“Give us the books and we will spare one of your children.” He continued. “Any one you choose.”
Rinyard remained firm, his quivering lips saying nothing.
Then, the pendulous movement of the sword escalated, ticking harder, and faster, going down a quarter of an inch with each swing. And still, with the scrapes on the skin that became cuts and gashes, the defiant silence from the Carpenter. And the defiant silence on the faces of the three youths chained to the wall in front of his face. And on the faces of the prisoners below, Pacifist-Scholars who, until this day, could use their brains to effectively fight against spears and clubs, emerging victorious in every conflict, which, so far, were bloodless. Each would forfeit their life before their dignity, or so they hoped.
The mercenary Executioner had angry eyes. The blond Aryan Pacifist-Priest wore slanted blue ones obeyed none of the rules, in life or even on the verge of death. And in Ancient Eurasia, there were supposed to be rules. Commander Grathos, just promoted to Head Interrogator, knew them, very, very well. You conquered a city, your king got the throne, your subordinates got drunk, and you got to interrogate the prisoners regarding any secrets of value to yourself, or your employers. Then, when the conscripts were drunk, you stole whatever women or gold suited you before ‘order’ was established again. A fair exchange, for a Junior Officer in an Army for hire the civilized world feared more than death itself.
Its leader was Tyranisis. You never say his face, unless you were his employer, victim or both. No vase bore his likeness, no coin his face, no statute erected in his honor. He chose to leave behind his record in blood, and pain. The fabled Mercenary of Mercenaries sold himself to the highest bidder, and his armies were the best. Though he never sat on the throne of any kingdom, he was ruler of the world. Indeed, no ordinary bandit.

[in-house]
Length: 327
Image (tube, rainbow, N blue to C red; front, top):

But Rinyard was no ordinary carpenter, and Jenada was no ordinary outpost of the once-strong Babylonian Empire. The Jenadans knew it. Tyranisis knew it. Grathos had no idea why he would get half the gold in Jenada if he found even a tenth of the books hidden within its caves, caverns and temples. But he knew that if he failed to find even one of them, it would be his own head dangling from the tip of Tyranisis’ sword.
Defiance turned Grathos’ frustration into desperation. “Tell me where the books are and I will spare the lives of ALL your children,” he whispered to Rinyard, pleading between the grimaces he gave to the other prisoners and the illusions of assurance he displayed to the soldiers, thus far, still under his Command. “All of your children,” he repeated.
“Or whichever ones are left,” from a voice behind the shadows. Nothing was out of Tyranisis’ hearing range. It was one of the senses that he had developed particularly well, so well that some thought him to be a god.
He stepped out from behind the shadows. Rinyard saw his shiny armor, embroidered with demonic snakes. Then his black lips outlined by pale skin that could be green, gray or blue, depending on which color would evoke more fear in the viewer.
“The books,” Tyranisis repeated to Rinyard. His tone was inviting. Like that of a merchant suggesting a beneficial dream deal which would profit buyer and seller alike, but which would rob the world, perhaps.
The pendulous blade stopped, the sword held above Rinyard’s eyes. Grathos was moved aside.
A victory, Rinyard thought, as did his chained Souls below. His Comrades in the pit simultaneously broke out in song, sending a resounding wave of harmony and confidence up to the interrogation platform. Strong enough voices to lift Rinyard and his sons, chained to the wall in front of him, up into the sky, and out of a world where men such as Tryansis were even allowed to exist. Courage had transformed despair into hope, defeat into victory.